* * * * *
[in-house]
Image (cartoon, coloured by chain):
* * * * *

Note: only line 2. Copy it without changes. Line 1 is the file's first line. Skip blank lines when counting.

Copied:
Image (cartoon, coloured by chain):